Still, even without much background, DeJean’s examples persuasively show that many of the grooming habits of contemporary Western society began 300 years ago at toilette tables throughout France. Ladies could apply their own makeup with the aid of a mirror. Accessories and aromatic oils flourished. And fashion began tilting toward the feminine: It wasn’t until the turn of the 18th century that women surpassed men in their spending on clothes and accessories.

Something both sexes could relish equally was gourmet cooking. DeJean devotes only one chapter to cuisine, and the result is a relatively skeletal account of French food preparation. “A radical separation of sugar and salt went into effect” during Louis XIV’s lifetime, DeJean mentions, without detailing the kind of sweet and salty dishes one might have expected to find on the king’s dinner plate. The focus falls instead on what might be called the culture of eating—place settings, banquet halls, cookbooks, and candlesticks. Dining out was just catching on in the late 1600s and, as DeJean points out, the experience was never really about filling one’s belly. Even early French restaurateurs knew that “the way in which the plate and the food were displayed was as important as what was on the plate.”

DeJean, a professor of French at the University of Pennsylvania, keeps the frothy details from floating away with occasional forays into literary scholarship. She references the theater and popular writing of the day, much of it obsessed with style, to illuminating effect: The fashion mania that had infiltrated France was creating a new niche for satire and farce. In 1663, DeJean recounts, the scintillating comedy Champagne le Coiffeur riveted Parisian society with its depiction of a lecherous real-life hairdresser and his well-born clients and conquests. Such playwrights as Molière, Florent Dancourt, and Edmé Boursault peppered their work with the names of famed luxury merchants and the increasingly bizarre slang of the fashionable set. The letters and diaries of such gossipy court doyennes as the Marquises de Dangeau and de Sévigné provide DeJean with tart eyewitness assessments of changing styles. When, in 1671, Sévigné caught sight of the first short hairstyles for women, she wrote to her daughter that the coif made ladies resemble “little heads of cabbage.” (But not even a prickly marquise could remain indifferent to a trend; three days later she admitted herself “completely won over” by the cropped look.)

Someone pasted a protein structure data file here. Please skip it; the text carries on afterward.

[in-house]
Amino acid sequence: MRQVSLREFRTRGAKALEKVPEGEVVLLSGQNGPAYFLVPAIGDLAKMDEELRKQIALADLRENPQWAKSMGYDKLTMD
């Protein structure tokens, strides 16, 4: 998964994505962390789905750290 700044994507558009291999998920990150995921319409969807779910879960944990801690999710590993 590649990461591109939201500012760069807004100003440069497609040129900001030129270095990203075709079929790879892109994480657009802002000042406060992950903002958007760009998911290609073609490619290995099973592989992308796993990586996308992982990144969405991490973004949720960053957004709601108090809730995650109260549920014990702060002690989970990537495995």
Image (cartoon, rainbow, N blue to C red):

And then, of course, there’s “Cinderella,” the quintessential French fashion fable. An old folktale, the story of Cendrillon and her slipper first appeared in print in the middle of Louis XIV’s reign. DeJean performs deft readings of two versions of the story, convincingly making the case for Prince Charming as one of literature’s first footwear fetishists. For him, the shoe, not the lady, “is the ultimate object of desire.” In this way, the prince was not unlike the young Louis XIV, who reportedly sported a pair of showstopping silk pumps to his nuptials and “thought about his new shoes as much as his bride.”

Yet the foppish king had worries as well, as DeJean occasionally hints: At one point, he ordered 27 tons of his own solid silver furniture melted down to finance the wars he interminably waged. (He refused, however, “to part with any of his diamonds.”) DeJean skimps on historical context throughout the book, but hardly to its detriment. A subject like fashion holds up best in relative isolation; a silk chaise looks awfully small next to battle-ready frigate.

DeJean does, however, take note when weighty affairs of state intersected with France’s new “economic mission” in the luxury trade. Warfare kept France forever in contact with its European competitors, whetting its appetite for cultural dominance and military victory. Constant fighting during the Sun King’s rule even transformed gruff military men into dashing trendsetters. Some, like the naval hero Jean Bart, were regularly—and probably without permission or even basis in reality—depicted in fashion engravings. The image was frequently an incongruous one: Bart, clad in court regalia and a formal wig, brandishing a sword at a squadron of Dutch ships, at once the perfect soldier and the perfect gentleman. As The Essence of Style eloquently documents, in peril as in idyll, the French followed their king in keeping up appearances.CP